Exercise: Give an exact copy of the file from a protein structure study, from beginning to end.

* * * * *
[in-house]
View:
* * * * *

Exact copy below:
[in-house]
View: